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Classic Typography Effects: Hyphenation

css / typography

Estimated reading time: 2 minutes, 16 seconds

Automatically breaking whole words at the ends of lines within syllable junctions is a very useful feature for web pages, especially when applied to narrow columns of fully justified text, content inside small table cells, or columns of text that may narrow due to being part of a responsive or fluid design. Hyphenation allows more text to fit on each line, saving screen real estate, and helps avoid the “rivers of white” optical phenomenon created by wide spaces between words.


Example of automatic hyphenation using the longest place name in the world (from New Zealand!) with the CSS3 hyphens and word-break properties

There are three methods to indicate that a word can be hyphenated on a web page:

  1. Insert the “soft hyphen” HTML entity ­ or ­ at the point between characters that may be broken. This could be considered “a hyphenation hint” – no hyphen should appear unless the entire word cannot fit on the end of a line, but if the portion before the hyphen can, the word will be broken, and a hyphen should shown by the browser. Unfortunately, support for soft hyphens is somewhat inconsistent, as of this writing.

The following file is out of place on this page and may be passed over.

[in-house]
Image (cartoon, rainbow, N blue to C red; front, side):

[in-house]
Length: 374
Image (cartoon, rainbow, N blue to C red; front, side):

2. Insert the <wbr> tag as an alternative. The same idea as hyphen hinting, and boasting slightly better support, with the proviso that the browser does not insert a hyphen where the word is broken.

  3. Apply the hyphens and word-break CSS3 properties.

    In general, I’d recommend the last approach, rather than inserting individual hyphen hints. “Setting and forgetting” hyphenation for all paragraphs (on the assumption that that <p> elements have been used correctly, i.e. nothing marked up as paragraph content “just to get the content on a separate line”) is a good idea. The style declaration looks something like this:

    p { -ms-word-break: break-all; word-break: break-all; word-break: break-word; -o-hyphens: auto; -ms-hyphens: auto; -moz-hyphens: auto; -webkit-hyphens: auto; hyphens: auto; }

    The values for word-break are required for IE 8-9 and different versions of Chrome. (Oddly the current build of Chrome doesn't support CSS3 hyphenation: while it will break up words across lines, it will not insert hyphens. Yet Safari does, in both desktop and mobile versions.)

    To achieve correct hyphenation, the page content should have a declared language, allowing the browser to reference a dictionary for appropriate word break positions. The easiest place to add this is in the opening <html> tag:

    <html lang=en>

    To turn hyphenation off (for example, on a special class of paragraph that you do not want to be broken), set hyphens and word-break to none. Setting hyphens to manual will cause the browser to only break words where you have indicated with soft or hard hyphens.

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